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American Wife(6)
Curtis Sittenfeld

“What about you, Alice?” Andrew gripped the handles of his bicycle, angling the front wheel toward me. “You gonna be a cheerleader, too?” We looked at each other, his eyes their greenish-brown and his eyelashes ridiculously long, and I thought that my grandmother may have been right after all—even if Andrew wasn’t flirting with you, his eyelashes were.

“Alice will still be a Girl Scout in high school,” Dena said. She herself had dropped out of our troop over the summer, and while I was leaning in that direction, I officially remained a member.

“I’m going to be in Future Teachers of America,” I said.

Dena smirked. “You mean because you’re so smart?” This was a particularly obnoxious comment; as Dena knew, I had wanted to be a teacher since we’d been in second grade with Miss Clougherty, who was not only kind and pretty but had read Caddie Woodlawn aloud to us, which then became my favorite book. For years, Dena and I had pretended we were teachers who coincidentally both happened to be named Miss Clougherty, and we’d gotten Dena’s sisters, Marjorie and Peggy, to be our students. As with Girl Scouts, playing school was an activity Dena had lost interest in before I did.

Dena turned back to Andrew. “Tell Bobby to let us come over and play with his puppies. We promise to be gentle.”

“You can tell him yourself.” Andrew pulled on his mittens and set his feet back on the pedals of his bicycle. “See you girls later.”

THAT MONDAY, DENA wrote Andrew a note. What is your favorite food? the note said. What is your favorite season? Who do you like better, Ed Sullivan or Sid Caesar? And, like an afterthought: Who is your favorite girl in our class?

She didn’t mention the note before delivering it, but when a few days had passed without a response, she was too agitated not to tell me. Hearing what she’d done made me agitated, too, like we were preparing to sprint against each other and she’d taken off before I knew the race had started. But I wasn’t sure feeling this way was within my rights—why shouldn’t Dena write Andrew a note?—so I said nothing. Besides, as three and then four days passed and Andrew sent no reply, my distress turned into sympathy. I was as relieved as Dena when at last a lined piece of notebook paper, folded into a hard, tiny square, appeared in her desk.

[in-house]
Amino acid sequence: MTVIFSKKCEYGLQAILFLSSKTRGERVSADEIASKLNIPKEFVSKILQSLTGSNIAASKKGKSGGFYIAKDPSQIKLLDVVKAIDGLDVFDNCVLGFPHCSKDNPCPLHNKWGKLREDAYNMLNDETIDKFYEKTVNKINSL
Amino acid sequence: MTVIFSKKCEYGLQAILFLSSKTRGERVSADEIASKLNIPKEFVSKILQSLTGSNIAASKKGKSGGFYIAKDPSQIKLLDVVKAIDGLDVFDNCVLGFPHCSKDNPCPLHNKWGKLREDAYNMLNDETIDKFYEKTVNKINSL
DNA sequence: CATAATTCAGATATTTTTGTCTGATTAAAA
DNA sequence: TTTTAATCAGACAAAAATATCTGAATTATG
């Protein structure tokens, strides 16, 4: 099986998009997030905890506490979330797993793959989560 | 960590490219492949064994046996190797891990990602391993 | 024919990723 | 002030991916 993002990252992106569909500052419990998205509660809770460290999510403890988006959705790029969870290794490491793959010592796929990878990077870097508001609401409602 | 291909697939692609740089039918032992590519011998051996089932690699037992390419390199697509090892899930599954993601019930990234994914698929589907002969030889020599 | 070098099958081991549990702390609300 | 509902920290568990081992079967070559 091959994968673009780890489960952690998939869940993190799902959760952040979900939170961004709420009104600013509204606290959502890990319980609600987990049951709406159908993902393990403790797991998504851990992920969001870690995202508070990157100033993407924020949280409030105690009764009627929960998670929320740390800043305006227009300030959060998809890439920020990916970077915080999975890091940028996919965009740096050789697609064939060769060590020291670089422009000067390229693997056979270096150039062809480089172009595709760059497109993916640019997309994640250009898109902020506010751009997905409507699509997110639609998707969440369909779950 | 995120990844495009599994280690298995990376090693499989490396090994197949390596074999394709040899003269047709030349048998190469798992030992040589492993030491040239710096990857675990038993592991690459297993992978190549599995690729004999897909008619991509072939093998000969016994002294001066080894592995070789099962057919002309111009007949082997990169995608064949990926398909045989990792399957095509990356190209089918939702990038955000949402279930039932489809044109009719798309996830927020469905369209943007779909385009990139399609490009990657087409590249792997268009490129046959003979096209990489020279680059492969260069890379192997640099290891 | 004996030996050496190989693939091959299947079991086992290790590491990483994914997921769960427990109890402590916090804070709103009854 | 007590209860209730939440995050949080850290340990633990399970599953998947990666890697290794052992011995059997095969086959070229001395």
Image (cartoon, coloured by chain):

Mashed potatoes, it said in careful print.


I do not watch those shows, prefer Spin and Marty on The Mickey Mouse Club.

Sylvia Eberbach, also Alice.

Sylvia Eberbach was the smallest girl in the sixth grade, a factory worker’s daughter with pale skin and blond hair who, when I look back, I suspect had dyslexia; in English class, whenever the teacher made her read aloud, half the students would correct her. Alice, of course, was me. Surely, to this day, Andrew’s answers represent the most earnest, honest document I have ever seen. What possible incentive did he have for telling the truth? Perhaps he didn’t know any better.

Dena and I read his replies standing in the hall after lunch, before the bell rang for class. Seeing that line—Sylvia Eberbach, also Alice—felt like such a gift, a promise of a nebulously happy future; all the agitation that had consumed me after learning Dena had sent the letter went away. Me—he liked me. I didn’t even mind sharing his affection with Sylvia. “Should I keep the note?” I said. This was logical, my ascent over Dena clear and firm. But she gave me a sharp look and pulled away the piece of paper. By the end of the school day, which was less than two hours later, I learned not from Dena herself but from Rhonda Ostermann, whose desk was next to mine, that Andrew and Dena were going steady. And indeed as I left the school building to go home, I saw them standing by the bus stop, holding hands.

When I approached them—Andrew rode the bus, but Dena and I walked to and from school together—Dena said, “Greetings and salutations, Alice.” Clearly, she was delighted with herself. Andrew nodded at me. I looked for a sign that he was Dena’s hostage, being held against his will, or at least that he felt conflicted. But he seemed amiable and content. What had happened to Sylvia Eberbach, also Alice?

Improbably, Dena and Andrew remained a couple for the next four years. A pubescent couple, granted, meaning there may have been no one besides me who took them seriously. But they continued holding hands in public, and they were permitted by their parents to meet for hamburgers and milk shakes at Tatty’s. Andrew was quiet, though not silent, around Dena. The three of us sometimes went to the movies at the Imperial Theater, and once in seventh grade it happened that he sat between us—usually, Dena sat in the middle—and before the curtain opened, Dena got up to buy popcorn. During those few minutes when she was gone, Andrew and I said precisely nothing to each other, and for the entire time, I thought, It is really the two of us who are together. Not Andrew and Dena. Andrew and me. I know it, and he knows it, and anyone who would look over at us now would know it, too. I felt that we were under a kind of spell, and when Dena returned, the spell broke; his energy shifted back to her. Certainly he never gave any proof that I was still one of his two favorite girls. I searched for it, I waited, and it didn’t come. In eighth grade, Dena fell while running across the pavement behind the school, and he licked the blood off her palms. For weeks, thinking of that made me feel like a chute had opened in my stomach and my heart was descending through it.

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